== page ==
Dooyeweerd (1894–1977) was a Dutch philosopher and law professor at the Free University of Amsterdam. Rushdoony (1916–2001) was a pastor, theologian, and writer and founder of Chalcedon, a Christian think tank. It is not clear to me if they were personal acquaintances, but they shared a mutual friendship with Cornelius Van Til. Van Til found a deep affinity for the work of Dooyeweerd. Since both were Reformed believers of Dutch stock, they had a kindred spirit on matters of theology. Both leaned heavily upon the work of Kuyper. Van Til largely agreed with Dooyeweerd’s emphasis on the antithesis between Christian and non-Christian presuppositions. He also appreciated Dooyeweerd’s bold quest to bring all of philosophy captive to Christ. There were strong points of difference between the two men, and these can be painstakingly discovered by reading from Van Til’s Festschrift titled Jerusalem and Athens.1 But any philosophical conflict between the two was a lovers’ quarrel between two great thinkers who were brothers in Christ and seekers after the mind of God.
Dooyeweerd’s magnum opus was a lengthy multivolume work known in the Dutch language as De wijsbegeerte der wetsidee (in three volumes) and translated into an English version, starting in 1953, titled A New Critique of Theoretical Thought.2 His philosophical concept was called “the philosophy of the idea of law” or the cosmonomic philosophy. The main contours of Dooyeweerd’s writing and thought were formed when he was quite young. In the years that followed, his further writings built upon, clarified, and perhaps revised portions of his original work. Philosophical scholars, both Christian and secular, both friend and foe, noted and praised the vast accomplishment of Dooyeweerd.3
Van Til, upon the occasion of Dooyeweerd’s death, honored him as a mentor and referred to his philosophy as a “marvelously beautiful sight to behold.” Van Til himself was a mentor to R. J. Rushdoony. From his early years, Rushdoony began a rigorous program of reading widely and deeply in a vast range of subject areas. He was already well into this monumental intellectual feat of incorporating a vast array of theological, philosophical, and intellectual books and ideas into his own thought when he discovered Van Til’s work. When Van Til’s presuppositional apologetics was imposed upon Rushdoony’s reading repertoire, it was like applying the Dewey decimal system to a vast collection of books. Van Til solidified Rushdoony’s theology. With his vast network of reading, his prodigious memory of books, and his synthesizing intellect, Rushdoony would have been a formidable thinker without his having read Van Til.4 But he would not have been the same thinker he became.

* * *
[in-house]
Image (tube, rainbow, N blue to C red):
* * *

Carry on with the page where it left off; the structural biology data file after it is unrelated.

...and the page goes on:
Rushdoony was one of the first and most articulate interpreters, defenders, and expounders of Van Til’s presuppositional apologetics. The book By What Standard? An Analysis of the Philosophy of Cornelius Van Til, published in 1958, raised high the banner of Van Til’s school of thought at a time when it was all too often opposed or ignored.
But to use an expanded metaphor, Rushdoony did not seek to build a cathedral upon the foundations of Van Til’s thought. He took Van Til’s premises beyond the scope of Van Til’s writings and sought to build a city upon the implications of every fact being a God-created and God-interpreted fact.5 Therefore, two subsequent books by Rushdoony explored American history in light of presuppositional Christian thinking. Another work looked at church councils and creeds in the same perspective. Rushdoony went on to write books in the fields of education, science, politics, and philosophy that continued to expand Van Til’s presuppositionalism into all areas of life and thought.
The culmination of Rushdoony’s work was the publication of The Institutes of Biblical Law in 1973. The book is a stunning proof of evolution, not the Darwinian kind, but the kind worked by the Holy Spirit, where Biblical thinking is developed slowly and sequentially and then brought back to engulf more and more of the Bible and then applied to more and more areas of life. Chalcedon the organization existed before Rushdoony’s Institutes, but it was that publication that solidified his role as a movement leader. Rushdoony applied the word Reconstruction to his vision of rethinking all areas of life and thought in terms of the Bible, the whole Bible. The term Christian Reconstruction and sometimes terms like dominion theology have been used to describe Rushdoony’s writings and those of his followers and fellow travelers.